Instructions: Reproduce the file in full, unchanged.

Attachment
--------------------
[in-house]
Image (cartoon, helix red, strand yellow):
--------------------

[in-house]
Image (cartoon, helix red, strand yellow):